Dynamic Conversations: Listening to hidden voices: creating meaningful and sustainable partnerships between marginalised groups and their universities.
Helen Collins, Senior Lecturer, Human Resource Management; Patricia Jolliffe, Senior Lecturer, Human Resource Management; Ruby Smith, Romany-Gypsy, final year journalism; Alexandra Bahor, Roma, postgraduate law student
Against a backdrop of long-standing equality legislation, the levelling up agenda, as well as our university’s (Liverpool John Moores University) own commitment embedded in its values of partnership and student participation, hearing hidden student voices is indeed more crucial than ever. Yet a combination of factors including the Covid-19 pandemic, hybrid teaching and learning, and the necessity for many students to work and study in parallel has led to some students feeling disconnected (see, for example, Lederer et al 2021). Furthermore, students from less well-off backgrounds are more likely to be working part time, often several hours a week that leaves them too time poor to engage in university life (see Jack 2019).
So, what ought we to do about it? We address below what LJMU is doing to hear the voice of one marginalised group: Gypsy, Traveller, Roma, Showmen and Boaters (GTRSB). LJMU is shortly to sign the GTRSB Pledge to support more GTRSB students to go to university and once there, to participate fully in university life. In the UK, the 2021 Census gathered more data on ethnic groups, and for the first-time included Roma as an ethnic category. Thus, we now have more data than ever about size and location of different communities that provides a rich research seam to mine. If, in our case, GTRSB students’ voices are missing from important conversations, then that void needs to be addressed. At LJMU, the GTRSB Committee, set up to deliver the pledge, not merely involves GTRSB students but has them at its centre, to ensure that we are addressing the precise needs of their community as defined by themselves. As a result, GTRSB lives, history and voices have now permeated to many aspects of university life including at open days, conferences, within the curriculum, knowledge sharing and through implementing the UN Sustainability Development Goals of quality education, reduced inequalities and partnership working. The benefits, to GTRSB students and the ripple effect to others are huge, as expressed by Ruby, a Romany gypsy final year student:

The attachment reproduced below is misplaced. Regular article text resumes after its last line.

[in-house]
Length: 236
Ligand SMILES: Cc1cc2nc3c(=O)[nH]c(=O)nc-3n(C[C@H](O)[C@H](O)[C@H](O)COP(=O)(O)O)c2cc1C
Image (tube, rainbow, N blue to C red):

"There shouldn't be any hidden voices in higher education - anywhere, really; but when there is, it is universities like Liverpool John Moores that are showing the way forward. They give you a step up and support you, and they do not want you as just a token. LJMU see you as a person, and you should be no less."
In the quote below, Alexandra, a Roma student of law considers the benefits of partnership working that spill over to local communities:
"In my studies at LJMU, the partnership work was more than a one off. It was a partnership journey of supporting and learning from each other to be able to find ideas and projects which can be visible not only in academic environments but in communities too where they can reap the benefits."
The need for universities to be much more than seats of academic learning, ivory towers remote from the communities in which they nest, was captured in two projects that LJMU led as forerunners of the GTRSB pledge. Liverpool Roma Employability Network (LREN) and the Roma Education Aspiration Project (REAP), brought together Roma community members, parents, schools, pupils, employers, NGOs and others from wider GTRSB groups through a series of interventions to raise awareness of the Roma community in the heart of the city, learn about their aspirations and organise and deliver the right support. The starting point for both projects was to increase public awareness of the Roma community as pupils, employees, citizens and community champions. The next step, to consolidate the partnership, was to increase public engagement with the community, and evidence of this is witnessed through increased cross community activities like fund raising and street cleans, as well as more Roma pupils engaging with school and aspiring to further and higher education. From LJMU’s experience, once GTRSB students access university, they do very well and become role models for others within their community. Yet, as aforementioned, many students work and study, leaving little time for deeper engagement in university life. So, once we have our role models and champions from communities such as GTRSB with the potential to inspire and mentor others, who supports the role models? Without support, their voice risks becoming hidden and silenced, leaving too little disruption to the status quo.
Lederer, A.M., Hoban, M.T., Lipson, S.K., Zhou, S. and Eisenberg, D., 2021. More than inconvenienced: The unique needs of US college students during the COVID-19 pandemic. Health Education & Behavior, 48(1), pp.14-19.
Jack, A.A., 2019. The privileged poor. In The privileged poor. Harvard University Press.